Barry Smith: Irrelativity |

Barry Smith: Irrelativity

Barry Smith
The Aspen Times
Aspen CO Colorado
Jordan Curet The Aspen Times
ALL | The Aspen Times

I have a vivid memory of something that never happened.

It’s 1978, and I’m in a record store in the mall in Greenville, Miss. I’m there with my friend James, who’s two years older than I am.

James knew a lot more about music than I did, as he had an older brother who was kind of a hippie. I, on the other hand, had no older brother, so at 12 years old my musical tastes ran from the song “Convoy,” the novelty hit about truck drivers and CB radios, to the song “The White Knight,” the novelty hit about truck drivers and CB radios.

So James and I are in the record store, and he’s randomly flipping through the albums in the bins and pulling out ones that he recognizes and commenting on them. He’ll pause on Ted Nugent, “This dude is bad,” then on Anne Murray, “My mom likes this,” then on Frank Zappa, “My brother won’t let me listen to this one,” and so on. James was no Casey Kasem, but it was my first glimpse into the world of songs that didn’t include the lyrics “10-4, good buddy.”

“This is The Beatles,” James says, taking the album all the way out of the bin and handing it to me. “These guys are weird.”

I take the album from him and study it more carefully. There are four guys pictured on this album, all dressed in white with pieces of dismembered baby dolls and hunks of meat draped all over them. The guys all have big, beaming smiles. Yep, they’re weird, all right. Clearly not the type of music I’d enjoy – there’s not an 18-wheeler to be found anywhere in this picture. I hand it back to him, and we move on to other stores in the mall.

A trivial moment, to be sure. But one that I remember very clearly. And it’s only made nontrivial by the fact that there’s NO WAY IT COULD HAVE HAPPENED!

Sorry to get so dramatic with the ALL CAPS, but this freaks me out a little. Give me a moment, and I’ll explain. And brace yourself – some serious Beatles geekery is about to take place.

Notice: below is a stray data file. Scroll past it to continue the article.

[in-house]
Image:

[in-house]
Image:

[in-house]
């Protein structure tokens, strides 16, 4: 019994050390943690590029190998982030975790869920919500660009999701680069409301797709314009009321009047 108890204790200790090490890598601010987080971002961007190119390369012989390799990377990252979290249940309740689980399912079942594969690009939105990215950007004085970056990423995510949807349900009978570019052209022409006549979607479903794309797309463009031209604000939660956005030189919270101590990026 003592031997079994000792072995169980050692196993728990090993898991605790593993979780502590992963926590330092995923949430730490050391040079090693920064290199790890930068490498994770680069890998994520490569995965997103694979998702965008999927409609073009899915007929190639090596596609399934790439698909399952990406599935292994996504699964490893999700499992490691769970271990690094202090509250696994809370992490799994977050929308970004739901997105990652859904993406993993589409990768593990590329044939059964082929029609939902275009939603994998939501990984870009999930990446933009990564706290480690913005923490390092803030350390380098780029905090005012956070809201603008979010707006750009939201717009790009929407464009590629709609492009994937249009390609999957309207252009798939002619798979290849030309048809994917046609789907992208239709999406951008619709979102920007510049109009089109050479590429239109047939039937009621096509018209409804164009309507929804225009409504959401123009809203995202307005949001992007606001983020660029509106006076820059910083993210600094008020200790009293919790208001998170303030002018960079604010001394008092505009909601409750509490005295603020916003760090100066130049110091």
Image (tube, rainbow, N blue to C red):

The album I’m describing, with the dolls and such, is commonly known as the “Butcher Cover.” It was the original cover of the Beatles’ 1966 album “Yesterday and Today,” and before it even fully hit the record stores the folks at Capitol Records realized they’d made a horrible mistake. Reviewers and others who got advance copies responded to this bizarre album-cover photo with a unanimous “WTF?” All the copies were quickly recalled. Quickly, as in the same day. Some of them went to landfills. Others were fitted with new covers, the more familiar picture of the band members sitting around a steamer trunk. These new photos were literally glued right smack-dab on top of the old covers.

This all took place when I was about 3 months old.

By 1978, when I was (allegedly) holding a Butcher Cover in my naive little CB-loving hands, it was already an acknowledged collector’s item, with a copy having sold for nearly $1,000.

So how, oh how, could such an item have found its way to my hands, in that obscure place and all those years later? It just couldn’t have.

But it happened. I swear it did! I remember it so well.

Here are three theories as to what happened:

1. It was in fact an actual, original, incredibly rare, valuable, collectible, 12-year-old, factory-sealed Butcher Cover on the shelf of this record store. And this wasn’t some funky hippie collectible-used-record store, either. No. It was in a mall in the Deep, Deep South, as generic as they come. Impossible.

2. It was one of the glued-over covers, and someone had opened the record, peeled off the original cover and then re-shrink-wrapped it and put it on the shelf for sale. No way.

3. It was a memory implanted to cover an alien abduction. This is actually the least crazy of the three theories.

So what does this mean? That memory is nowhere near as dependable as we like to think? That I’ve been aboard a UFO? That I missed a chance to pick up a record that recently sold for almost $40,000 for a mere $5.99? I don’t know. I just don’t know.

All I know is that I have a vivid memory of something that never happened.

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